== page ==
The smell of rot fills the country. Burn coffee for fuel in the ships. Burn corn to keep warm, it makes a hot fire. Dump potatoes in the rivers and place guards along the banks to keep the hungry people from fishing them out. Slaughter the pigs and bury them, and let the putrescence drip down into the earth. There is a crime here that goes beyond denunciation. There is a sorrow here that weeping cannot symbolize. There is a failure here that topples all our success. The fertile earth, the straight tree rows, the sturdy trunks, and the ripe fruit. And children dying of pellagra must die because a profit cannot be taken from an orange.
Following the effects of the COVID-19 pandemic on our food system this spring, I’ve been thinking about this passage from The Grapes of Wrath. In Steinbeck’s Depression-era novel, the Joad family loses their family farm to the bank in a case of accumulation by dispossession. Deprived of a smallholder livelihood, the family joins other migrants to harvest food for corporate landlords in California. In a scene three-quarters of the way through the book that has haunted me since tenth-grade English class, Steinbeck turns away from the Joad family to ask readers to consider the injustice of a food supply system that declares that what is essential about agriculture is the production of profitable commodities, rather than a livelihood in which people can live and work well by producing food. As the lines between essential and expendable work thus blur, the resulting contradictions raise a fundamental comment on the value of land and labor.
While Americans wondered about the fate of food and work during the pandemic, President Trump declared meat processing plants “critical infrastructure,” and on April 28, 2020 workers in the industrial meat supply chain became essential. In the preceding weeks, public and private eateries had closed their doors, eliminating markets for crops, eggs, milk, and meat. Rather than spend money preparing food for which there was no market, farmers across the United States destroyed it, plowing over crops, spilling milk, and euthanizing animals. How, then, could food be essential when it was being destroyed?
Farmworkers who travel on crowded buses, work close together in fields, live in overcrowded housing, and experience uncertain access to health care worried about spreading and contracting the virus—not through the food supply chain, but by sheltering in place in seasonal housing. Tyson Foods warned that the food supply chain would collapse if plants closed to prevent workers from spreading COVID-19, while also insisting that its top priority was the health and safety of workers. Meanwhile, working conditions at pork processing plants owned by Tyson Foods and its competitor, Smithfield Foods, led cases to spike. Soon, the counties where plant workers lived and worked reported the highest rates of infection in their respective states. How can workers who are worried about getting ill and are being asked to risk their lives for $12 an hour in inhumane conditions be deemed essential?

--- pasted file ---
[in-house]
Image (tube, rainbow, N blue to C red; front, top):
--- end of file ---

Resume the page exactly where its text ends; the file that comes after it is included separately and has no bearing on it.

Environmental protections and long-term public health have been deemed nonessential, as outlined in an Environmental Protection Agency memorandum granting a stay on regulatory enforcement for polluting industries including confined animal feeding operations. Instead, what is essential—in Steinbeck’s novel and in contemporary agri-capitalism—is that low-wage workers keep working, and that plants and animals keep reproducing to sustain capital investments. Worker safety, food security, environmental protection, and employment can wait. Shares of agribusiness conglomerates have all gained value on the U.S. stock market following a crash in mid-March. By contrast, unemployment claims filed in the United States topped 30 million by the end of April. This economic disconnect reveals that what appears as a crisis of food production and health safety has its roots in a centuries-long transformation of land and labor.
Historically, agrarian capitalist crises across Europe stemmed from enclosure (Kautsky 1988; Araghi 2000), where common land and labor relationships were severed through a slow process of privatization. Farmers dispossessed of land were transformed into surplus labor as farms consolidated and agricultural production specialized to fit new economic incentives for distant markets. During the twentieth century, this process accelerated as larger farms became more capital- and input-intensive to produce more with less labor (Fitzgerald 2003; Kloppenburg 2004). Pandemic-induced food anxieties thus stem from a century of agrarian change that has embraced productivism: the ideology that production yields and profit growth are and should be the key drivers of agriculture (Buttel 1993). In the decades following the Dust Bowl of Steinbeck’s novel, U.S. farm sizes have steadily increased while the number of individual farms has plummeted (Magdoff, Foster, and Buttel 2000). Writing just before the farm crisis of the 1980s, Walter Goldschmidt (1978) showed how this consolidation undermined labor organization and land tenure as larger California farms removed capital, workers, and small farms from the rural towns and the economies they had anchored.
Removing capital and workers from the rural economy by consolidating farms, increasing the costs of agriculture, and swelling production are, of course, not unique to the United States. In India, where I’ve studied the impacts of genetically modified and certified organic cotton technologies on rural life, persistent rates of farmer suicide and environmental degradation are seen as necessary costs of steady increases in cotton production (Flachs 2019). It does not matter that the world has had a longstanding cotton glut: the state and agribusiness define essential work as the production of profitable agricultural commodities, not agrarian livelihoods. Since India’s Green Revolution expanded rural infrastructure, farm inputs, and the role of the state in everyday life in the 1960s, consecutive five-year plans from India’s government in fact stressed the need to remove people from agricultural work. Over the past months, millions of migrant workers displaced from agricultural work through consolidation and labor-saving agricultural reforms have lost their urban work. Now, many are defying COVID-19 lockdown orders and slowly marching home because they cannot safely shelter elsewhere—a march of land and labor reform not so different from the Joad family’s journey to California.